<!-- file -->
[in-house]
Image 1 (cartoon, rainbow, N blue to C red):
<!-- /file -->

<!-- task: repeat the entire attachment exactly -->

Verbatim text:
[in-house]
Image 1 (cartoon, rainbow, N blue to C red):